In some of the next posts i will show my personal top 5 hit list of bonsai subjects. It will be in random order, because I can’t choose one for another.
The first choice is the Cotoneaster. Among its many advantages is the small leaves, flowers and autumn berries. Most are deciduous but specimens that keeps foliage through the winter are also available. It comes with different size of leaves in the more than 50 varieties, and with variation in colours among flowers and berries. It it’s found all over Europe down to western China. For some reason I have not found many as bonsai in Japan, although I find it one of the best varieties for bonsai. Especially for Shohin.
The cotoneaster show great tolerance towards hard pruning, and reacts by a flush of new growth after hard pruning if the specimen is healthy. Also new growth emerges from the roots and even at the old base of the trunk. A few negative remarks to come up with, is that it is a little difficult to find specimens with a decent trunk size. The Cotoneaster is a low growing shrub that thrives best in a very well draining soil. They tolerate moderate desiccation, and the only pest I have noticed is a few Scale insects. One last remark on the negative list, is the missing ability to make callus and healing wounds after cutting bigger branches. The cut will be visible forever, as on junipers, after pruning large branches, and therefore you have to pay attention to where the cut is made in order to hide it on the backside or hidden by branches. Another way is to hollow out bigger scars, so it looks natural.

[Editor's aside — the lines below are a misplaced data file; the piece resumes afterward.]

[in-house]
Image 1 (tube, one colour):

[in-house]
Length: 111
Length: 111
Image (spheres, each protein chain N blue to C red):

It is the perfect subject for Shohin and Mame bonsai, due to the qualities mentioned. It will be useful all year around, and not only have a few months where it is at its best. A few specimens can be used as medium sized bonsai if you have the luck to dig up a piece with a large trunk. That is often a specimen where more trunks have fused together over time as shown in the Cotoneaster below, that still is in the very early training stages.